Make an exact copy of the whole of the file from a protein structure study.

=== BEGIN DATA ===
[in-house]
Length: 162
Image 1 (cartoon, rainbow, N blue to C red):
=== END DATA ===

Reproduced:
[in-house]
Length: 162
Image 1 (cartoon, rainbow, N blue to C red):